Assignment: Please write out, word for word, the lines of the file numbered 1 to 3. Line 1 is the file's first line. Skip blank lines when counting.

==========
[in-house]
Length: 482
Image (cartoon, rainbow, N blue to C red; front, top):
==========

[in-house]
Length: 482
Image (cartoon, rainbow, N blue to C red; front, top):